Twin-stick shooter controls

Currently UniBlaster (the main engine of RetroWar) supports four different games / character types. They are similar in many ways, but the controls vary slightly.

  • Droids use the right stick to aim, and automatically shoot a stream of low powered bullets (A)
  • Tanks use the right stick to aim, but require the button to pressed to shoot a single high powered projectile (B)
  • Ships cannot aim, fire straight forward when the button is pressed (C)
  • BombBots have no gun so cannot aim, drop bombs when button is pressed (C)

I've been thinking how to create a more general abstraction of these differences.

Instead of one weapon, each character would have three weapon slots:

  • A fires when right stick is moved, unless button is depressed
  • B fires when right stick is moved and button is depressed
  • C fires when right stick is neutral and button is depressed

This would allow characters to carry multiple weapons and use all three without any switching and only needing one fire button.

Possible uses:

  • The current shooting-type A/B characters could gain a close combat C weapon.
  • Player has a choice between firing a stream of low power bullets, or one high power bullet that will take time to reload. (Also can make reload not begin until player has finished aiming - see CrossCode for example of this.)
  • Player could be given a choice between firing low power bullets, or pressing the button and firing high power bullets but reducing his speed, perhaps to zero. (Need to add speed reduction option to weapons)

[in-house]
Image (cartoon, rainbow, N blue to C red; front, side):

• Player could be given a choice between shooting and dropping bombs, depending on whether he moves right stick.
  • An A type weapon that does no damage, but merely assists in getting the aim right before the B type weapon is fired.
  • A B type weapon that doesn't fire when the button is pressed, but when it is released. Thus holding the button down does nothing, so fire rate entirely depends on how quickly the button is mashed. The amount of time the button is held before release could determine how charged up the weapon is. Why not fully charge every shot? Because charging reduces your movement speed.

Finally, I've been thinking about how RetroWar could be played on actual 8-bit joysticks. Currently 8-way d-pad movement is supported in all games as a virtual stick, (although it puts you at a disadvantage in most of them that aren't grid based.)